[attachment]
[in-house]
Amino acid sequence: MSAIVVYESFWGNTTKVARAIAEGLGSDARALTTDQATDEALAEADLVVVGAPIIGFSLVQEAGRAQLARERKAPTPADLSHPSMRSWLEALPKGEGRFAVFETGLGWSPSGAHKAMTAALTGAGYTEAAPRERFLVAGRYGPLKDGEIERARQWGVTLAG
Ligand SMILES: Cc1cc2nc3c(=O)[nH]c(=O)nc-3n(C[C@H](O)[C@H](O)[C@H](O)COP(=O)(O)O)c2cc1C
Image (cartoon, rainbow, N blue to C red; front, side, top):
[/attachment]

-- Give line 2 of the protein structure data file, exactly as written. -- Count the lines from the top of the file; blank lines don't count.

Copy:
Amino acid sequence: MSAIVVYESFWGNTTKVARAIAEGLGSDARALTTDQATDEALAEADLVVVGAPIIGFSLVQEAGRAQLARERKAPTPADLSHPSMRSWLEALPKGEGRFAVFETGLGWSPSGAHKAMTAALTGAGYTEAAPRERFLVAGRYGPLKDGEIERARQWGVTLAG